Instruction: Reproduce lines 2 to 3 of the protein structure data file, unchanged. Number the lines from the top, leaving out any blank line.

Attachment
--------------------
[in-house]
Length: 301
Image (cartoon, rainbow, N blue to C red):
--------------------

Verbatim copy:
Length: 301
Image (cartoon, rainbow, N blue to C red):